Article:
UAE - The $2.5 trillion global Islamic finance industry is on course to return to slow growth in 2021 after recovering from Covid-imposed lockdowns and subsequent recessions in core Islamic finance countries, S&P Global Ratings said.
"The significant slowdown of core Islamic finance economies in 2020, because of measures implemented by various governments to contain the Covid-19 pandemic, and the expected mild recovery in 2021, explain our expectations," Mohamed Damak, analyst at S&P, said in a report released on Wednesday.
"We project the volume of issuance will reach $100 billion in 2020 compared with $162 billion in 2019 - when Turkey, returning GCC issuers, Malaysia and Indonesia supported the market," said Damak. The sukuk market was, in fact, poised for good performance in 2020 but the pandemic and lower oil prices changed the outlook, he said.
"The growing global uptake for the Islamic economy in light of the current circumstances is testament to the vision of His Highness Sheikh Mohammed bin Rashid Al Maktoum, Vice-President and Prime Minister of the UAE and Ruler of Dubai, who launched the Dubai: Capital of the Islamic Economy initiative in 2013. The initiative harnessed Dubai's advantages to enhance the growth of the sector and explore opportunities that contribute to its global sustainability," said Sultan bin Saeed Al Mansouri, chairman of the Dubai Islamic Economy Development Centre.
The S&P report said coordination between different stakeholders is key to the Islamic finance industry leveraging these opportunities for sustainable growth.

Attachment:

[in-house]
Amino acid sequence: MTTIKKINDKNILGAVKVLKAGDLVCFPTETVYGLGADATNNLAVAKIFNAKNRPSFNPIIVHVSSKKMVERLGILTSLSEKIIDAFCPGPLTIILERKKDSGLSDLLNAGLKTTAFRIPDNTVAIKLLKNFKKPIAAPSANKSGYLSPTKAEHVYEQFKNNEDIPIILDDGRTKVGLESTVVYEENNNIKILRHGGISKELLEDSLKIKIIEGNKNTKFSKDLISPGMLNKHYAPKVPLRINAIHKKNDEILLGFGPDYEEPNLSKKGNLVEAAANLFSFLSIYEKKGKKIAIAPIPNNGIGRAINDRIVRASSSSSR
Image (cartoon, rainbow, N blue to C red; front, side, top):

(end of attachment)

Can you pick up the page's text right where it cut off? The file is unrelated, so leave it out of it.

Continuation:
"At the same time, we see an opportunity in the current environment for accelerating and unlocking the long term potential of the industry," said Damak.
"Stakeholders are realising the importance of standardisation as government coffers are depleted and access to sukuk remains time consuming and more complicated than conventional instruments. Lockdown measures have also shown the importance of leveraging technology and creating a nimbler industry."
The rating agency expects Islamic banking to show at best stable total assets or low-single-digit growth. This follows a 6.6 per cent growth in 2019 thanks to good performance in the GCC, Malaysia and, to a lesser extent, Turkey and Indonesia, but a declining contribution from Iran amid the deep recession reported by the IMF.
"In 2020, we expect a slowdown spurred primarily by measures implemented by various governments to control the Covid-19 pandemic. This slowdown will be somewhat counterbalanced by strong liquidity injections from various central banks to help their banking systems navigate the difficult environment."
However, this, together with complexity and lower investor appetite, will contribute to a sukuk market slowdown in 2020.
According to the last State of the Global Islamic Economy Report, Muslims spent $2.2 trillion in 2018 across the food, pharmaceutical and lifestyle sectors that are impacted by Islamic faith-inspired ethical consumption needs. Per the report Islamic finance is the largest sector at $2.5 trillion, followed by halal food, which totalled $1.4 trillion last year.
While Malaysia topped in the Islamic finance and Muslim-friendly travel categories, the UAE led in the five other sectors, including halal food and modest fashion.
Spending in the six consumer sectors in Islamic economies grew 5.2 per cent in 2018 year-on-year and is expected to grow at a compound annual growth rate of 6.2 per cent over the next five years.Islamic finance assets are expected to grow at a 5.5 per cent CAGR to hit $3.4 trillion during the same period.
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